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I'm currently developing one of my company's project. I use JSF and PrimeFaces. According to the project requirements, I use PrimeFaces SelectOneMenu to show the employee list like the following...

<p:selectOneMenu id="employee" value="#{employeeBean.employee}"
    <f:selectItem itemLabel="" itemValue="" />
    <f:selectItems value="#{employeeBean.employeeList}" var="emp"
    itemLabel="#{}" itemValue="#{emp}" />

Here is my Employee Object's Equals Method...

public boolean equals(Object obj) {
    if (!(obj instanceOf Employee)) {
        return false;
    Employee employee = (Employee) obj;

If I create the employee object Employee employee = new Employee(); at Employee Bean init Method @PostConstruct public void init(){}, the employee object represented by this becomes null. If I don't create the employee object, everything works fine. Why? I have no idea. Thank you so much for your help!

share|improve this question
The this variable is never null, however is probably null after you construct the instance, but before you assign a value to id. – Charles Forsythe Mar 28 '13 at 19:07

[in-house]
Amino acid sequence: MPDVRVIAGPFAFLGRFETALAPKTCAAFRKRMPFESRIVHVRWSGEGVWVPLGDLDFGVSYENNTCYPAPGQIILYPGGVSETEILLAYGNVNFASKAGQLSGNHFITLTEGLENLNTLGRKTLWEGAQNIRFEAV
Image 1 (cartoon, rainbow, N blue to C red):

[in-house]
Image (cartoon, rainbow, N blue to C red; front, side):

@CharlesForsythe Thanks for your comment! :-) – Thiha Maung Mar 29 '13 at 15:21

1 Answer 1

up vote 4 down vote accepted

This line,


is not null safe. It will still throw NPE when id is null, which may be the case when you create the entity instance manually using new operator without setting any of its properties instead of obtaining an instance from the DB by JPA means. Fix it accordingly:

return id != null ? id.equals( : employee == this;

Note that I also improved the reflexivity of the comparison by adding employee == this. See further also the first point of the contract of equals().

share|improve this answer
Thanks for your reply. Do you mean if we create the entity instance manually, it can't accept the instance which comes from DB anymore? – Thiha Maung Mar 29 '13 at 3:31
Oh! I still confuse this step by step procedures. this represents the instance comes from DB at this condition? – Thiha Maung Mar 29 '13 at 3:42
The this represents the current instance. So, Employee e = new Employee(); boolean equal = e.equals(e); returns true this way. Without that, it would return false which is illogical. – BalusC Mar 29 '13 at 11:26
Ok! I see! Thank you for your answer and I appreciate it! :-) – Thiha Maung Mar 29 '13 at 15:20
You're welcome. – BalusC Mar 30 '13 at 1:51

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